Entrepreneur Isaac Brumaghim first started fishing in his 20s. A “self-taught lawai‘a,” he was lured to the sport by the fun of it but knew he wasn’t interested in getting a boat. Instead a friend encouraged him to try fishing from a canoe as “our Hawaiian ancestors did.”
Intrigued, Brumaghim did some research and what he learned about Hawaiian canoe fishermen “lit a fire under me,” he says. For Brumaghim, canoe fishing morphed into kayak fishing which, he says, offered “a lot more freedom” as far as hull capacity, workspace and vessel durability because it’s made of plastic.
Brumaghim launched Aqua Hunters Collection LLC, a fishing gear and lifestyle brand in 2016. “I sell the gear that will make you look like (a fisherman), but I also sell the gear that makes you one, ” he says. Aqua Hunters Collection sells hooks and wire, including packets of nickel titanium fishing wire “made with nitinol” and “easy to crimp or tie” – as well as clothing, hats, mugs and photography on his website, aquahunters.com. His fishing tackle are also sold in five shops on three islands: Līhu‘e Fishing Supply on Kaua‘i; New Maui Fishing Supply on Maui; and J. Hara Store, POP Fishing & Marine (formerly Pacific Ocean Producers) and ‘Ewa Beach Buy & Sell on O‘ahu.
Brumaghim says his products benefit from social media endorsements when fishermen post pictures of their catch using his gear. Additionally, interest in his hooks has grown beyond kayak fishermen to include boaters “catching big tunas,” he says. “So slowly but surely I’m expanding into the hands of anyone who wants to fish open ocean out here.”
His own experience with his fishing tackle also tells a tale of their quality, resulting in days when he can’t miss. “I’m talking seven for seven, eight for eight, nine for nine. … Every time I’m getting a strike, that fish is hooked. I have abilities at this point in my life, but my products are part of that too.”
His biggest catch from a kayak came in 2012 – a 103-pound yellowfin tuna. But Brumaghim considers his greatest accomplishment watching his three sons, Blaise, 11; AJ, 9; and Pancho, 5, “become fishermen right in front of my eyes.” That includes teaching them not only how to fish, but also cleaning and cooking the fish and thus self-reliance in feeding themselves. “That was the greatest gift I could pass on to them,” Brumaghim, 43, says. “It gives me that happiness and joy that I’m fulfilling a great goal of mine – to be a teacher to my sons.”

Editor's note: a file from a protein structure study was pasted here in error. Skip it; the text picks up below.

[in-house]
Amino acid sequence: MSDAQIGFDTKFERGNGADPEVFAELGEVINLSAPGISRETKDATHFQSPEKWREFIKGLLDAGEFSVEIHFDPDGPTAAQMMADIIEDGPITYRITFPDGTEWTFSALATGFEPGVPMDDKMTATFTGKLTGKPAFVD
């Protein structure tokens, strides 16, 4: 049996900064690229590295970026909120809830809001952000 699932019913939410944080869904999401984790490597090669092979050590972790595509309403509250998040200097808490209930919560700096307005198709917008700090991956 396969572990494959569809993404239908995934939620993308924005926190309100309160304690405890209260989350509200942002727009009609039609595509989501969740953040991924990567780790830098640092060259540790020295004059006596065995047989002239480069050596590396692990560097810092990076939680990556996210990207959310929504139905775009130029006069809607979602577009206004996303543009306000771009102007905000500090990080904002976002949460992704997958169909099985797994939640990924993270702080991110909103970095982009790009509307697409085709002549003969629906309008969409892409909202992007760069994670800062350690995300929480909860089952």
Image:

Another legacy of his has been working to unify the kayak fishing community in Hawai‘i through a forum in 2004 to share stories, tips and to “grow the sport together,” to starting a highly competitive statewide kayak fishing tournament in 2008 that stretched for eight months and brought attention to the skills of local enthusiasts. He didn’t continue the tournament because of family and business responsibilities, but Brumaghim says: “Truly the main goal was just to show the world how great Hawai‘i fishermen were, and we did that. And that will always make us proud forever.”
OHA Mālama Loan Program
Isaac Brumaghim credits an OHA Mālama Loan with providing the capital for research and development and then field-testing on hooks and lines. It also helped him to purchase sample products of designs for his line of hats, sweatshirts, T-shirts and coffee mugs. “The main thing was that my OHA loan gave me the freedom and the money to go and take that step forward in bringing my ideas to light and basically purchasing products and building an inventory as well as the packaging,” he says. “Without any of those things it would have just been an idea. I would have been fumbling around for it forever. Sometimes you just need a helping hand from somebody who can believe in your ideas and your visions. I was granted that. I’m very thankful for them for giving me their support and their trust.”